Like other children around the world, I’ve developed a fixation with “Frozen.” Actually, I thought the movie was just okay. I liked “Brave” much better (“Mother! You’re a bearrrrrrrrrr!”). But the song “Let It Go” deeply resonated with me. In fact, it resonated with me so hard that I had no idea what was happening when I watched the movie in the theater with my husband. Sometimes when I go through a deeply emotional experience, my brain blocks it, as if it’s trying to keep my body from getting overwhelmed with the feels.

“She building a castle! Made of frozen fractals all around!” I thought. “I like ice so much! Maybe I have pica. I probably need to start taking iron supplements.”

In fact, it wasn’t until I listened to “Let It Go” on my phone for the 50th time or so that I realized what it really meant to me.

For 15 years after my diagnosis with major depressive disorder, I kept it a secret from almost everyone except for my closest friends and professors, who had to know why I was out of class during the two weeks I was hospitalized in college. This required increasingly ridiculous verbal gymnastics, as I tried to make up different excuses for why I “had a meeting” every week at exactly the same time for about an hour (for therapy or psychiatric appointments) or why I would “evaporate” (a word someone used to describe my absence from their social life) for weeks at a time. I’d say I was busy, but most of the time it was because I was too depressed to hangout.

There was also the shame. I didn’t want to be known as the crazy girl, the fucked up girl with the problems, the pathetic girl who couldn’t control her feelings. I wanted people to like me for my personality, but I thought that maybe depression was my personality.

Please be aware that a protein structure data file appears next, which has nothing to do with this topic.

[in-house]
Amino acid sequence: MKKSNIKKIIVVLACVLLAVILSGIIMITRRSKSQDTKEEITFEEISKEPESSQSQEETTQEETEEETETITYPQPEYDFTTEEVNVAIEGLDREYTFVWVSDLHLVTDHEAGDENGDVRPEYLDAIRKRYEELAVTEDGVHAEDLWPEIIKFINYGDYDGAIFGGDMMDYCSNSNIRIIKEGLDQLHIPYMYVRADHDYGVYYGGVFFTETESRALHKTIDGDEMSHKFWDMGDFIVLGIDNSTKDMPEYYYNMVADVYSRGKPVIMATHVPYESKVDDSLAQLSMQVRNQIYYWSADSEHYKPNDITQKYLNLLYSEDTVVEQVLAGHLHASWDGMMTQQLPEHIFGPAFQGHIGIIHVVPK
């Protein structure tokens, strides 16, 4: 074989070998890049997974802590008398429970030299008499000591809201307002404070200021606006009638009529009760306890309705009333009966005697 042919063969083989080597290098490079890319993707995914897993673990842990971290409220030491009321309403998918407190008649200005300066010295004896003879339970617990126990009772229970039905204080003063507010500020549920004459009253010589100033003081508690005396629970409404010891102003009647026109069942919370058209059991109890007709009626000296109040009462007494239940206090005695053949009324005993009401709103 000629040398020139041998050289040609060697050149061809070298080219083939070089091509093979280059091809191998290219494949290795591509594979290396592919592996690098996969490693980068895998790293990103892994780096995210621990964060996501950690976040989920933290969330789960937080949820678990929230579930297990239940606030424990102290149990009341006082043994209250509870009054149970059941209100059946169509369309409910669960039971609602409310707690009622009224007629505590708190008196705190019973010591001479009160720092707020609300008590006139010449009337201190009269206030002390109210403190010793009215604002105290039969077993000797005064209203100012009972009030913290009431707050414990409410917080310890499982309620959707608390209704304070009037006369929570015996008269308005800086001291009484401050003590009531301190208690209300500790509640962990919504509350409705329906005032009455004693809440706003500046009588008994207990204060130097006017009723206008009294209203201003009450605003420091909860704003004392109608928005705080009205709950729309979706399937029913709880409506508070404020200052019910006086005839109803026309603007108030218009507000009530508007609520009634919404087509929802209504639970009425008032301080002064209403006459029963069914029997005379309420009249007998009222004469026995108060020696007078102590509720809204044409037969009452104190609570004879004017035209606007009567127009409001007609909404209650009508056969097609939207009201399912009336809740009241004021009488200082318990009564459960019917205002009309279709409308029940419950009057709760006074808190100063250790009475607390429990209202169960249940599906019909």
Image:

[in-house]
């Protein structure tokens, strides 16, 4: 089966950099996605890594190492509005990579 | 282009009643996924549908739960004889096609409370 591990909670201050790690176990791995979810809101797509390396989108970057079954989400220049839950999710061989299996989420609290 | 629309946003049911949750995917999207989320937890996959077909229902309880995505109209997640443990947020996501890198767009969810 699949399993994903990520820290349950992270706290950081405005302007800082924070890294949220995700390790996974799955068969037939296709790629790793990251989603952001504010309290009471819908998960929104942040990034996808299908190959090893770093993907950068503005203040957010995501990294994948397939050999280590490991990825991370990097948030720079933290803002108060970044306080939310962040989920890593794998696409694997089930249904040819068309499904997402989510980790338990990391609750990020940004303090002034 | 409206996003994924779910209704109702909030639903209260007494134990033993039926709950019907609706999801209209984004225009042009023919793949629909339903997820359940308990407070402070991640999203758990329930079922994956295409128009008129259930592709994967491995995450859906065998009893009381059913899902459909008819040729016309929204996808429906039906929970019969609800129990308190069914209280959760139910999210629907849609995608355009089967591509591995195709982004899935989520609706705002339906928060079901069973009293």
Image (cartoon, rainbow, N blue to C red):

I felt like a black hole. I didn’t want to suck the joy out of other people’s lives, see the pity in their eyes, or feel the pain of their rejection. So I kept quiet. That quietness isolated me and corroded me from the inside out, until I finally decided to… let it go.

Before I launch into my analysis of “Let It Go’s” lyrics and what they mean to me, I want to make something clear. A lot of people have said that I’m brave for talking about my depression in public. I appreciate it, but I don’t think I am. For one thing, I’ve never turned my mother and triplet brothers into bears. Also, if I accept the label “brave,” I feel like I’m tacitly calling people who still keep their mental illness under wraps cowards. They aren’t.

Mental illness is still stigmatized. Someone I respected once told me, “It’s a cruel world. Do you really want people to know?” There are repercussions I am protected from for certain reasons. For one thing, I am a journalist, and apparently everyone thinks we’re all crazy anyway. I also have a supportive family and my parents are quite frank about our experiences, in part because they hope it might help others. I’ve already lost many important things because I wasn’t honest about depression, including time and relationships I didn’t nurture. Finally, I’ve come to the point in my life where I find it harder and harder to care if people really think I’m just the fucked up girl with the problems. Yes, it’s a cruel world, but it’s cruel in different ways for everyone. In this case, I am lucky enough to have certain privileges that I want to take advantage of.

As I said in an earlier post, if someone is stupid or cruel about depression and other psychological issues, how can you even trust them to pick a good movie? They certainly aren’t the kind of people I want to be friends with. In a way, being open about depression is a filter that keeps certain idiots out of my life.

The snow glows white on the mountain tonight,
not a footprint to be seen.
A kingdom of isolation and it looks like I’m the queen.
The wind is howling like this swirling storm inside.

During one of my worst episodes, I told a good friend that having depression is like walking naked through a blinding snowstorm with a heap of yarn in my arms, trying to learn how to knit a sweater before I freeze to death. No one could tell how desperate I felt, though, because I was good at looking poised.

Couldn’t keep it in, Heaven knows I tried.

Holy fuck, did I ever try.

Don’t let them in, don’t let them see.
Be the good girl you always have to be.
Conceal, don’t feel, don’t let them know.